Or, even easier (and possibly cheaper): just go to the College Board website, download those same 10 PDFs for free, and simply print them out at home.  The drawbacks to this method are that the pages will be harder to organize, and that you will incur printing and paper costs.  Step 6: Once you begin studying, consider scheduling some time with me or another private tutor.   You may meet with me for anywhere from 30 minutes to 100 hours, but most students need at least 15-25 hours for a full preparation.   I recommend scheduling a 15-minute phone consultation with before the first lesson, to discuss timelines, scheduling, and the unique needs of the student(s).
Working with a private tutor is the very best way to maximize your score, for a variety of reasons:
1) You are given personalized attention, lessons tailored to fit your schedule, and the opportunity to discuss each question in-depth until you are fully satisfied. 
2) Private tutors are usually the best instructors. 
3) A skilled private tutor will serve as a friend and confidant, hold you accountable, give you specific assignments and work on any problem areas so that all you have to do is put in the effort. Simply talking about the questions with your tutor helps aid your understanding of each question and your test-taking strategies.


As a general rule, students should spend at least one hour on homework for every hour they spend with their tutor.  The usual homework assignment is 3-4 sections from the book (approximately 1.5 hours), working from the front to the back.   Students should time themselves, and mark the question where they run out of time, but continue working past the time limit if necessary. 

Full practice tests should also be taken periodically, at the discretion of the tutor. 

The goal is to eventually complete all 8 tests in the book, and possibly more.


Either don’t grade your homework and just let your tutor grade it for you, or grade it yourself (the answers are in the back), but please do not indicate the correct answers anywhere on the test.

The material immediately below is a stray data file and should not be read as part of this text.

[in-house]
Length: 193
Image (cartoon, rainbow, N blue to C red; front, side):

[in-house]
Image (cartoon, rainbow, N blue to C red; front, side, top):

Remember, when you take the SAT, you do not know the answer to the questions in advance.  As tutors, we must preserve this unsure feeling on behalf of our students, or much of the value of the question is lost.

In the same vein, when a question is tried again, it is best not to know the correct answer, or one’s previous answer.  This is where the second, blank copy of the book comes in. 

Step 7: If you haven’t done so already, then register for the SAT. 

The SAT is administered 7 times a year, on varying days:  October, November, December, January, March, May, and June.

Three times a year, the SAT offers what’s called the Question and Answer service (QAS), which allows you to view the actual test questions as well your answers (you will be mailed a physical copy of the test booklet about 5-6 weeks after the test).   Sign up for the QAS service in advance if you can–it costs extra but it’s worth it.   Currently it’s offered in October, January and May.  These are the best three months to take the test, because otherwise there will no way to review incorrectly answered questions with your tutor afterward.